Filing IRS Form 1099 as a Business Owner & Legal Exceptions
A business owner generally must file Form 1099-NEC when they pay an unincorporated independent contractor at least $600 in a year for work performed in the course of the business. You do not need to file this form if you make electronic payments by using a credit card or debit card but only if you make payments by direct deposit or in cash. An unincorporated independent contractor is someone who works on their own or who is a member of a partnership or limited liability entity instead of a corporation. The purpose of Form 1099 is to inform the IRS that the independent contractor has received taxable payments so that it can check the record against the income reported by the independent contractor. You may be subject to penalties if you do not file Form 1099 when it is necessary.
Exceptions to Filing Form 1099
You do not need to file Form 1099 if you paid an independent contractor to provide services that were not related to your business. For example, if you pay a landscaping service or a housekeeper for services related to your home, this does not need to be reported on Form 1099 unless your home is tied to your business. If you do not make a profit from the activity related to the contractor’s services, this strongly indicates that you do not need to file Form 1099.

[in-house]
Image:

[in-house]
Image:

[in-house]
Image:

Exclusions from Form 1099 for business-related payments that may be taxable include payments for merchandise, inventory, freight, and storage, as well as rent payments to real estate agents. Form 1099 applies only to unincorporated independent contractors, so any payments to corporations are excluded. There are exceptions for corporations that consist of lawyers or doctors who are providing professional services.
How to File Form 1099
There are five components of Form 1099: Copies A, B, and C and Copies 1 and 2. You must file Copy A with the IRS and provide Copy B to the independent contractor by January 31. You will keep Copy C for your own records. You must submit Copy 1 to your state taxing authority (if your state requires you to pay income tax) by January 31 in most cases. You must provide the independent contractor with Copy 2 by January 31.
Most businesses file Form 1099 electronically, and you must file it electronically if you need to file 250 forms or more. However, you must provide the independent contractor with a paper copy of the form unless they agree otherwise. If you need more time to file Form 1099, you can submit Form 8809 to the IRS, which will give you an automatic 30-day extension. You must submit this form by January 31. It applies only to submissions to the IRS and does not give you an extension with regard to providing copies of the form to the independent contractor.
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